Thea Sharrock sits in the Rendezvous Court of the Biltmore Hotel in downtown LA, looking both breezy and serious. She is directing Neil Simon’s The Sunshine Boys at the Ahmanson Theatre, with Danny DeVito and Judd Hirsch. “I have nearly died two or three times, in rehearsal, of laughter… wiping tears away,” she reports.
It’s a remount of sorts, of a production she first directed last year in London, also with DeVito, opposite the late Richard Griffiths, whom Sharrock knew “like the back of my hand.” Griffiths was in the second play that she ever directed, and they had worked together nearly every year since then. “I adored him,” she says, “and I can very proudly say that he adored me.”
On March 13, CTG announced an Ahmanson run of the production, with Griffiths as well as DeVito. But Griffiths died on March 28. On June 24, CTG announced that Hirsch would join his former Taxi colleague DeVito in the Ahmanson version.
In London, only three of the Sunshine Boys actors were American. The British actors had not only their lines but also the accent to learn. Sometimes in rehearsal, an accent would slip when an actor was focused on the character’s words or thoughts, and it was “like hitting a dull note in music,” Sharrock says. Of course, here in LA, this is not an issue. As of this interview, The Sunshine Boys has not been seen by an audience, but Sharrock looks forward to learning “what an American audience needs.” Just being on the stage for technical rehearsals feels different than the stage in London — it’s bigger and requires a broader but no less detailed sort of performance.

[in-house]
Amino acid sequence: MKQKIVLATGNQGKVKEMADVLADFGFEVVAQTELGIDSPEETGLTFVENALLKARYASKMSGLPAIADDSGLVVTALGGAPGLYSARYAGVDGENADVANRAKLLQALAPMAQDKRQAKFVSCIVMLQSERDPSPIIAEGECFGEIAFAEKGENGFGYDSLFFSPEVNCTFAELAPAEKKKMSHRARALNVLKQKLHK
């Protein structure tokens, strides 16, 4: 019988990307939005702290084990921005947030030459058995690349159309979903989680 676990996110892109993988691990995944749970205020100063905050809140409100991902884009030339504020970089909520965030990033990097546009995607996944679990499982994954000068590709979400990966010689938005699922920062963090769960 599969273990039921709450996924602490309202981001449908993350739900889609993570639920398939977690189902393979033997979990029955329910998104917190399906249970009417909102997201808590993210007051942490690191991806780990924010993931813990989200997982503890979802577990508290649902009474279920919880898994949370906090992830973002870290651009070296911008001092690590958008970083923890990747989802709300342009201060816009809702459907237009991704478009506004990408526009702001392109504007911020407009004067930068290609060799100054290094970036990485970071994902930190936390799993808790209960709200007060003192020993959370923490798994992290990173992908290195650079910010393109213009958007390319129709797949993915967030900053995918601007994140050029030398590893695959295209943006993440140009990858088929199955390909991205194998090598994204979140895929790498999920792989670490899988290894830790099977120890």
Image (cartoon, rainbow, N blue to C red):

The first play Sharrock directed was Top Girls by Caryl Churchill, a playwright deeply interested in gender issues and sexual politics. Sharrock didn’t know the play before she chose it. To find it, she explains, “I did that thing you do — I went to a bookshop and took down, maybe, 10 that looked interesting for whatever reason, and that was on the top.” She read Top Girls through to the end in the store. The next day, she read the entire play aloud to her mother on a long car trip. “I couldn’t believe that it was all women… how real it all felt… [the play] was 20 years old but felt so modern,” Sharrock says.
Throughout her career, journalists have asked Sharrock first about being a “young female on the scene” and later about how being a mother impacts her directing. Without discounting the importance of being a parent, she finds herself “bored and annoyed” with the question. “After 10 years they’re still asking me the same thing.”